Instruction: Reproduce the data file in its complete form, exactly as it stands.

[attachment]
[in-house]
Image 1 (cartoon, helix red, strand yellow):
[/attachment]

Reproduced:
[in-house]
Image 1 (cartoon, helix red, strand yellow):